The future looks increasingly B&W
So Kodak have decided to sell off their commercial film business, having initially emphasised their commitment to their customers and the fact that this particular branch was a financial asset to the organisation and still profitable. This emphasises both the scale of the company’s wider bankruptcy, and the desperation of their management to keep above water-in my opinion they just won’t turn things around banking on the digital printer and scanner side of the organisation. Epson, HP and others have that particular market stitched up. Personally speaking again, if Kodak Portra and Ektar were to actually disappear altogether, I’ll be absolutely gutted. Portra in particular is I think the nicest colour 120 film on the market today-it gives me colour effects and softness I just don’t see in Fuji.
All of this however emphasises the growing utility of moving more and more into B&W and home developing. Kodak have handled their customer base shoddily over the years despite having good to excellent individual products. Ilford to me by contrast are a model of how an analogue film company should be run-a great range of high quality products, real thought about their customer base, and they also keep their hand in when it comes to supplying developer, exposure paper and every other artefact needed to keep real analogue photography alive as well. As a film company, I think they’re probably now the best out there, and they’ll certainly be getting more and more of my support as long as there’s breath in my body.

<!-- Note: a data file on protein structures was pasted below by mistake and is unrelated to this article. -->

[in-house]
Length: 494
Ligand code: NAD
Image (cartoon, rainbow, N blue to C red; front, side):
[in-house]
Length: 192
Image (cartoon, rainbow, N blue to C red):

I’ve also come across an interesting online anomaly however. I recently bought three spools of Orwo 35mm B&W. This is not the two-decade or more expired film you often see online. It’s cine film, fresh stuff still being produced at the old Orwo factory, ISO 400, but cut and re-spooled by some enterprising individual into recycled 35mm canisters, 27 shots a canister. I’ll hold my breath until I actually shoot it and see the results, but this is going to be a fascinating experiment. Shooting Orwo through my Prakticas is the nearest thing I’m ever going to get to actual time travel. It’s also a glimpse into how trade online will probably keep all kinds of analogue material alive for quite some time yet. So for a whole variety of reasons, the future increasingly looks to be B&W.
UPDATE, 2/9/12: Bought an old bulk film loader and 100ft of B&W film plus reusable canisters. This is the way I’ll be increasingly going from now on when it comes to film I think, assuming I can master the process.